Something charming: I Love Sarah Jane

Jimbo is 13 and can think of only one girl – Sarah Jane. And no matter what stands in his way-bullies, violence, chaos, or zombies-nothing will stop him from finding a way into her world.

Remember that moment when you first fell in love? What was it that jabbed your heart? Was it a look? An action? Lets just say Jimbo is living the ultimate zombie geek’s dream in I Love Sarah Jane

Independent Film: Trap by Jason Horton

Trap by Jason Horton

I recently found a hidden gem in the movie Trap by Jason Horton. It’s an independent film about two men who kidnap a girl for ransom. Things go awry when one of the men falls for her.

I was surprised by the quality acting in the movie. Allen Perada, Alonzo F. Jones and Ashton Blanchard were all cast perfectly. They fit their respective roles and delivered performances that enhanced the film.

Focusing on three main characters, Horton allows us to get to know them well. And while the theme in Trap is about being trapped by life’s circumstances, I thought the subtext concerning complex relationships provided ample opportunity for a deeper exploration of those things in life that aren’t ideal but we we learn to cope with anyway. That’s the beauty of this movie, and its handled with real deftness and subtlety. It’s as if the plot was created as a vehicle for delving into topics many of us don’t like to talk about.

Anyway, you can buy or rent Trap on Amazon VOD. It’s well worth the $1.99 and 90 minutes you’ll spend. If you see it, let me know what you think.

What are your favorite hidden gems? Lesser-known or independent films that deliver more than just a plot. Have you found anything recently? Let us know.

Awesome Movie Review: Found

Found Poster - Internet size

What lies beneath the surface? That’s the question truly good horror must ask. And when it answers, there better be a payoff worth waiting for. Forget the gore and drama. Forget the great acting by young Gavin Brown. What makes Found such a good movie is the constant reminder that inside us all lies the capacity for great evil and great courage. Good stories, horror or otherwise, never forget that lesson.

The first time I watched Found, I was a bit disappointed. What started as a coming of age story, turned into a gore fest that was quite unexpected. As I’m not a fan of over-the-top violence and gore — I prefer psychological horror to slashers or serial killers — a scene in the middle of the movie distracted me from the overall story. At that time, I watched while checking Facebook, Twitter and important email, and didn’t catch all of the themes and subtext in the movie.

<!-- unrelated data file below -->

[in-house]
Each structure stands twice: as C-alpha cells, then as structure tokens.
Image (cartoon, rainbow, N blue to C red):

Glad I forgot to write a review then and decided to watch it again since it had been weeks since I first saw it. This time I paid attention throughout, catching themes about what “respectable” people hide. Prejudice, violence, contempt and arrogance. Within the context of that theme and the overall transformation of Marty from bullied weakling to bad ass, the more disturbing parts of the movie fit much better. Don’t get me wrong, some scenes are a bit overdone for my tastes, but I’m not your typical horror fan. Trust me, gore fans will not be disappointed.

The thing is, the gore in this movie was unnecessary, because at the heart of Found lies a great story told through a child’s eyes. Nothing was more chilling than Marty in scary or merely uncomfortable situations. Whether we think Marty is in danger, or he’s having a conversation with a well-meaning, but naive pastor, we experience the appropriate emotions from a twelve-year-old’s point of view. I found myself rooting for Marty, and chastising those around him.

Besides Gavin’s acting, Ethan Philbeck was fantastic as Marty’s older brother. In particular, Ethan had a knack for showing anger and love, often at the same time, using facial expression and body language. Phyllis Munro and Louie Lawless were more than credible as parents of the two boys. Outside of them, performances were generally adequate or better.

Special notices should go to writer Todd Rigney for crafting outstanding dialog and a complete story. Too many low-budget, horror movies focus on special effects and camera tricks at the expense of storytelling. Not so with Found. This story would be just as powerful with or without significant special effects. I’d love to see the screenplay turned into a novel.

Let’s recap, shall we? Great story, fantastic acting, and excessive gore. Sounds like a movie festival fans will love!

So, what lies beneath, deep within Marty? Does he have the capacity for great evil? I’m not tellin’. Watch Found to find out. You’ll be glad you did.

Exit Humanity Review: A Missed Opportunity

Exit Humanity Zombies

Exit Humanit: The Promise

As someone who loves stories, I find it particularly painful when movies with the potential for greatness fizzle out as missed opportunities. The trailer for Exit Humanity showed a new perspective on the zombie genre, with powerful scenes and interesting characters. I hadn’t been this excited about a new movie in a long time.